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BIG DATA WORKING GROUP Big Data Taxonomy, September 2014 content -specific keyw ords (such as names of people in the photos), making it possible to organize and locate graphics. XML and other markup languages are often used to manage semi -structured data. Yet another way to characterize the domains is to look at the types of industrie s that generate and need to extract information from the data Financial services Retail Network security Large -scale science Social networking Internet of Things/sensor networks Visual media Figure 3 illustrates the various domains and specific subdomains in which big data processing issues arise. Visual media Intrustion detection APTs Big Data Network security Social networking High frequency trading Bioinformatics High energy physics Sentiment analysis Social graphs Scene analysis Retail Finance Large scale science Weather Anomaly detection Behavioral analysis Image/audio understanding Data domains Sensor data Figure 3: Data domains Figure 4 illustrates how the big data verticals map to the time and organization axes. A case can be made that in fact all of the industries included here have use cases that encounter data at all levels of organization, and have processing needs that span all res ponse times. In that case, the industry domain is another orthogonal axis for characterizing the © 201 4 Cloud Security Alliance – All Rights R eserved. 9

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BIG DATA WORKING GROUP Big Data Taxonomy, September 2014 domain space of big data. We would then visualize these domains by particular common use cases, and map them to industry, time, and structure. Figure 4: Mapping the big data verticals Compute Infrastructure While the Hadoop ecosystem is a popular choice for processing large datasets in parallel using commodity computing resources, there are several other compute infrastructures to use in various domains. Figure 5 shows the taxonomy for the various styles of processing architectures. Computing paradigms on big data currently differ at the first leve l of abstraction on whether the processing will be done in batch mode, or in real -time/near real -time on streaming data (data that is constantly coming in and needs to be processed right away). In this section, we highlight two specific infrastructures: Ha doop for batch processing, and Spark for real -time processing. MapReduce is a programming model and an associated implementation for processing and generating large dataset s. Users specify a map function that processes a key/value pair to generate a set of intermediate key/value pairs, and a reduce function that merges all intermediate values associated with the same intermediate key. Many real world tasks are expressible in this model, as shown in the paper referenced in [2]. Programs written in this functional style are automatically parallelized and executed on a large cluster of commodity machines. The run -time system takes care of the details of partitioning the input data, scheduling the program’s © 201 4 Cloud Security Alliance – All Rights R eserved. 10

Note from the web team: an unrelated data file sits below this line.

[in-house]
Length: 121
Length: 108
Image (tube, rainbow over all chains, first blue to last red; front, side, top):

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BIG DATA WORKING GROUP Big Data Taxonomy, September 2014 execution across a set of machines, handling machine failures, and managing the required inter -machine communication. This allows programmers without any experience with parallel and distributed systems to utilize the resources of a large distributed system easily. Bulk synchronou s parallel processing [3] is a model proposed originally by Leslie Valiant. In this model, processors execute independently on local data for a number of steps. They can also communicate with other processors while computing. But they all stop to synchronize at known points in the execution; these points are called barrier synchronization points. This method ensures that deadlock or livelock problems can be detected easily. Big Data Batch Streaming Hadoop S4Infosphere Storm Spark MapReduce Bulk synchronous parallel Hama Giraph Pregel Compute infrastructure Figure 5: Compute i nfrastructure Low Latency: Stream Processing If an application demands fiimmediatefl response to each event as it occurs, some form of stream processing is needed , which essentially process es the data as it comes in. The general approach is to have a little bit of code that processes each of the events separately. In order to speed up the processing, the stream may be subdivided, and the computation distributed across clusters. Apache Storm is a popular framework for event processing that was developed at Twitter and promulgated by Twitter and other companies that required this paradigm of real -time processing. Other examples are Amazon™s Kinesis, or the streaming capabilities of MapR. These frameworks take care of the scaling onto multiple cluster nodes and come with varying degrees of suppor t for resilience and fault tolerance, for example, through checkpointing, to make sure the system can recover from failure. © 201 4 Cloud Security Alliance – All Rights R eserved. 11